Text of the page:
Industry Insights

Revenue Recognition in the Transportation Industry

September 2015
Author:  Tim Chitwood

Tim Chitwood



Health Care
Manufacturing & Distribution

910 E. St. Louis Street, Suite 200
P.O. Box 1190
Springfield, MO 65801-1190 (65806)


As you’re probably already aware, the model for revenue recognition is changing with the Financial Accounting Standards Board’s (FASB) 2014 release of Accounting Standards Update (ASU) 2014-09, Revenue from Contracts with Customers (Topic 606).

Under current standards, the transportation industry can recognize revenues and costs from transporting freight using one of the following methods, provided the revenue also is realized or realizable:

  • When freight is received from the shipper or leaves the carrier’s terminal with accrual of the estimated direct costs to complete delivery
  • When the shipment is completed, i.e., the destination is reached
  • When the shipment is completed with expenses recognized as incurred
  • Via a proportional performance method with expenses recognized as incurred—under a proportional performance method, revenue is recognized by allocating revenue between reporting periods based on relative transit time in each reporting period

The ASU eliminates most of the existing industry-specific guidance and significantly expands revenue recognition disclosures. More than 600 pieces of revenue recognition guidance are replaced with an overriding principle and a five-step model. The standard requires entities to make more estimates and use more judgment than under current guidance.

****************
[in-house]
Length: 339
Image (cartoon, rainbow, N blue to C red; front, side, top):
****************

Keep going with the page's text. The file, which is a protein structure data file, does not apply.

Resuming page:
On July 9, 2015, FASB approved amendments deferring the effective date of the new revenue recognition standard by one year. Public and nonpublic entities will be allowed to early adopt the new revenue standard—but not before the original public entity effective date, i.e., annual periods beginning after December 15, 2016. Entities should use this additional time to develop a comprehensive transition plan, including an evaluation of implementation issues, potential system solutions and any needed internal control updates.

As a result of the deferral, public entities would be required to apply the new revenue standard to annual reporting periods beginning after December 15, 2017, including interim reporting periods therein. Nonpublic entities would be required to apply the new revenue standard to annual reporting periods beginning after December 15, 2018, and interim reporting periods within annual reporting periods beginning after December 15, 2019. The table below illustrates the new effective dates for entities with December 31 year-ends.

BKD has a resource center with information on the new revenue recognition standards, including an extensive white paper on the topic.

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